It’s time for Nancy Pelosi to step aside as Democratic leader in the House. After losing four straight House elections (2010-16), she’s been an anchor for every Democratic House candidate in a special election thus far. Regardless of people’s personal opinions about her views or leadership, her reputation has been tarnished nationally by the GOP in a manner that has made it impossible for her to campaign for House candidates in targeted districts. These candidates are also put on the spot about whether they share her views on the issues, and will support her for Speaker. Having a polarizing, unpopular lightning rod as House leader is damaging Democratic chances.
On a related note, there should be mass resignations in the DCCC, rather than their continued spin and tone setting. It’s time for accountability, given that their nationally focused approach, standardization of campaigns, and narrow, elitist outlook has failed to secure victory since 2008. The DCCC has been spinning its wheels for too long, and they have made too many excuses; most Democratic House gains have been made in spite of them or without their help.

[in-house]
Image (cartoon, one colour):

6: Democrats Failed At Uniquely Appealing to Voters of Color and Young People
The counties of GA-06 (DeKalb, Fulton, and Cobb) do not provide ballots in Spanish (or any other language), and the Ossoff campaign+allied groups failed to make a real push to change this in advance of the GA-06 election. A lack of voter information in their preferred language tends to depress voter turnout among Hispanic and Asian voters. Furthermore, many local community leaders felt Ossoff was silent and disengaged on racial and social justice issues, and while doubling down on his “centrist” message, he overlooked things like the recent Philando Castile shooting verdict.
Voter suppression, economic and educational inequality, racism, police brutality, classism, and a lack of opportunity are real issues in GA-06, as many working class resident, and residents of color feel left behind by rises in the cost of living in the area. In suburban, diverse districts such as GA-06, Democrats need to take a much more aggressive approach on voting and civil rights issues, in a genuine, and consistent way. They also need to do more listening to the local community, and voters of color.
Young people’s limited turnout in the special election also hampered Ossoff’s chances. Despite being a young candidate himself, Ossoff didn’t go overboard connecting with 18-25 year-old voters that were not already politically engaged, and didn’t offer a unique platform that would turn non-political young people into his voters. This tweet thread from VOX reporter Jeff Stein is a small anecdote of this.